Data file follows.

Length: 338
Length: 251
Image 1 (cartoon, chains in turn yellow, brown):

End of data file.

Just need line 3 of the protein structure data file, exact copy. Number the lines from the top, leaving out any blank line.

Image 1 (cartoon, chains in turn yellow, brown):